Hearing loss is often caused by problems in the cochlea, snail-shaped tubes inside the inner ears. Unlike a traditional hearing aid, which amplifies sound, a cochlear implant bypasses the portion of the inner ear that is damaged and stimulates the auditory nerve directly with electric pulses. The pulses travel on to the brain, which interprets them as sound.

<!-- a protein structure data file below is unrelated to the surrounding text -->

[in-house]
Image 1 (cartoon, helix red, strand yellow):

A cochlear implant has two parts. The internal part is placed during a short, outpatient surgery. The external part is activated a few weeks later and fine-tuned over the following months.
After contracting meningitis as an infant, Anthony (“AJ”) was left with profound hearing loss in both ears. AJ’s family found hope in the team at Duke Hearing Center for Children and Families, where they learned that cochlear implants could improve his hearing.